The nature of the elements of a business varies by industry and by the structure of an entity’s operations (activities), including the entity’s stage of development. Established businesses often have many different types of inputs, processes and outputs, whereas new businesses often have few inputs and processes and sometimes only a single output (product). Nearly all businesses also have liabilities, but a business need not have liabilities. Furthermore, an acquired set of activities and assets that is not a business might have liabilities.

Determining whether a particular set of assets and activities is a business should be based on whether the integrated set is capable of being conducted and managed as a business by a market participant. Thus, in evaluating whether a particular set is a business, it is not relevant whether a seller operated the set as a business or whether the acquirer intends to operate the set as a business.

Assessing whether an acquired process is substantive IFRS 3 Identify a business

Here is an explanation as to how to assess whether an acquired process is substantive if the acquired set of activities and assets does not have outputs (A) and if it does have outputs (B).

An example of an acquired set of activities and assets that does not have outputs at the acquisition date is an early-stage entity that has not started generating revenue. Moreover, if an acquired set of activities and assets was generating revenue at the acquisition date, it is considered to have outputs at that date, even if subsequently it will no longer generate revenue from external customers, for example because it will be integrated by the acquirer.

(A) If a set of activities and assets does not have outputs at the acquisition date, an acquired process (or group of processes) shall be considered substantive only if:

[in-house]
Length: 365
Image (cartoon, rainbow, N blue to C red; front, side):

1. it is critical to the ability to develop or convert an acquired input or inputs into outputs; and
  2. the inputs acquired include both an organised workforce that has the necessary skills, knowledge, or experience to perform that process (or group of processes) and other inputs that the organised workforce could develop or convert into outputs. Those other inputs could include: IFRS 3 Identify a business
    1. intellectual property that could be used to develop a good or service; IFRS 3 Identify a business
    2. other economic resources that could be developed to create outputs; or IFRS 3 Identify a business
    3. rights to obtain access to necessary materials or rights that enable the creation of future outputs.

Examples of the inputs mentioned in subparagraphs (b)(i)–(iii) include technology, in-process research and development projects, real estate and mineral interests.

(B) If a set of activities and assets has outputs at the acquisition date, an acquired process (or group of processes) shall be considered substantive if, when applied to an acquired input or inputs, it:

  1. is critical to the ability to continue producing outputs, and the inputs acquired include an organised workforce with the necessary skills, knowledge, or experience to perform that process (or group of processes); or
  2. significantly contributes to the ability to continue producing outputs and:
    1. is considered unique or scarce; or
    2. cannot be replaced without significant cost, effort, or delay in the ability to continue producing outputs.

The following additional discussion supports both paragraphs A and B: IFRS 3 Identify a business

  1. an acquired contract is an input and not a substantive process. Nevertheless, an acquired contract, for example, a contract for outsourced property management or outsourced asset management, may give access to an organised workforce. An entity shall assess whether an organised workforce accessed through such a contract performs a substantive process that the entity controls, and thus has acquired. Factors to be considered in making that assessment include the duration of the contract and its renewal terms.
  2. difficulties in replacing an acquired organised workforce may indicate that the acquired organised workforce performs a process that is critical to the ability to create outputs.
  3. a process (or group of processes) is not critical if, for example, it is ancillary or minor within the context of all the processes required to create outputs.